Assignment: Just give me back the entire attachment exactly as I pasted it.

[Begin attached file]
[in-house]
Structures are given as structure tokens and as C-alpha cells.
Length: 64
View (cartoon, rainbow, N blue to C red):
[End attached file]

[in-house]
Structures are given as structure tokens and as C-alpha cells.
Length: 64
View (cartoon, rainbow, N blue to C red):